Falling leaves are a natural part of the growth process or a response to environmental stress, which may include circumstances such as:
- Reduction in Energy Needs
- Too Much or Too Little Water
- Excessive Light
- Chemical Shock
- Excessive Heat
- Excessive Cold
- Lack of Light
… and More.
In this article, we explore the many reasons why succulent leaves may be dropping from your plants and share advice to help you deal with this problem.
- 7 Reasons and Answers To Why Are My Succulent Leaves Falling Off
- #1 – Temperature Irregularities
- #2 – Lighting Excesses & Changes
- #3 – Succulent Leaves Falling Off From Pests Can Also Be The Problem
- #4 – Chemical Burns Can Cause Leaf Drop
- #5 – Are You Watering Correctly?
- #6 – Is Your Succulent in the Right Kind of Container?
- #7 Is Your Succulent in the Right Kind of Potting Soil?
- #8 Is Your Plant Growing?
- Succulent Care Is Easy
7 Reasons and Answers To Why Are My Succulent Leaves Falling Off
Below, we look at potential causes for succulent dropping leaves. There are many factors the can contribute to leaf loss:
- The types of succulents
- Care of succulents
- Type of soil
- Pots with drainage
- Temperatures and periods of heat
#1 – Temperature Irregularities
The majority of succulents thrive in very warm, dry areas. Dropping leaves is sometimes a natural response to extended periods of excessive heat or drought.
Even though fallen leaves are a normal coping mechanism, it’s not one you want in an attractive ornamental plant.
Succulents can start to drop their leaves if they’re kept in low-light conditions for too long.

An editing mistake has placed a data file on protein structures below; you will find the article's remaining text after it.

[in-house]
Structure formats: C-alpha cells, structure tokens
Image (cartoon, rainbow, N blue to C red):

The most common reason for brown or dark spots on the leaves of your succulents is sun damage or sunburn.
You can slowly increase the length of sun exposure over a period of a few weeks until your succulent is getting around six hours of bright and direct sunlight each day or about 12 hours of artificial light.
To prevent your succulents from becoming stressed by extreme heat, you should locate them in the light shade when kept outdoors during hot weather. If they look wilted or sunburned, either move them or place a shade cloth over them.
Indoors, keep your succulents away from windows a bit so they get plenty of bright indirect light but are not scorched by direct, magnified sunlight.
Conversely, succulents may also drop leaves and show other signs of stress when touched by frost.
Most succulents do not survive freezing weather and may develop burned black and falling leaves.
A plant stressed by frost but not killed will usually generate some new leaves to replace the damaged leaves.
It’s better to allow the damaged leaves to fall off naturally than to pull or prune them away. NOTE: Try starting some new plants with the leaves.
Plant cold-sensitive succulents in protected areas outdoors and mulch or cover in winter as appropriate for protection.
Keep indoor succulents away from areas (e.g., near exterior doors) where they might receive cold blasts of air during the winter months.
#2 – Lighting Excesses & Changes
When kept in a low light setting, your succulents lose color and may even turn yellow.
Related: Learn more about succulent leaves turning yellow.
Eventually, the leaves will fall off.
Other signs of excessively low lighting include stretching.
If your plant is leaning toward the light and creating long, spindly stems, it’s a sign you need to move the plant into a better-lit area.
The stem and the plant itself stretch out toward the direction of the light source.
Sudden changes in light can cause succulent plants to drop leaves. Watch how your plant reacts when moving to a different location or when using a grow light, or when making any sort of adjustments.